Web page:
Coffee parasite discovered in Kona
HONOLULU (HawaiiNewsNow) – One of the worst parasites to prey upon coffee crops has been discovered on the Big Island. The coffee berry borer, a small beetle native to Africa, has been found feasting on coffee on several Kona area farms, according to officials at the Hawaii Department of Agriculture.
"This is terrible news for our important coffee industry. It appears that this pest has been here for several years and may be well established in some growing areas in South Kona" said Sandra Lee Kunimoto, chairperson of the Hawaii Board of Agriculture.
It is unknown how the pest was introduced to Hawaii. Although the beetle was only officially reported last week, information obtained from growers indicates that the beetle may have become established more than a year ago.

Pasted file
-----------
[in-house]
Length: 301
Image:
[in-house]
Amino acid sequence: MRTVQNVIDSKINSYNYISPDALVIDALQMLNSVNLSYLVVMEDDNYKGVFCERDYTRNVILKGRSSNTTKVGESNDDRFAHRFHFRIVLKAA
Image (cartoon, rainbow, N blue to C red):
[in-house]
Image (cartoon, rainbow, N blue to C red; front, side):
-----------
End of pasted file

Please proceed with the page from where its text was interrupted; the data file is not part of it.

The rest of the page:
Entomologists are organizing surveys across the state to size up the extent of the infestation. Preliminary inquiries suggest that the beetle has become established from Kainaliu to Honaunau, in the heart of the Big Island's Kona coffee growing region, which is already struggling with severe drought conditions.
The small beetle bores its way into the growing coffee berry and then lays its eggs. Because the insect lives inside the coffee bean, it is difficult to control with standard pesticides. Officials with the Agriculture Department, working with scientists from the University of Hawaii, are already working on plans to control the beetle, including investigating the possibility of using biological controls, or natural enemies of the insect.
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